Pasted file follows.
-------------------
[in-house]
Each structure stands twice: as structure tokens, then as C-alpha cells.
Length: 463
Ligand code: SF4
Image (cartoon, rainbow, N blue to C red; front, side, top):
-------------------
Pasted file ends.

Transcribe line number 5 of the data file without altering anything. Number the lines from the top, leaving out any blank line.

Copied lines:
Image (cartoon, rainbow, N blue to C red; front, side, top):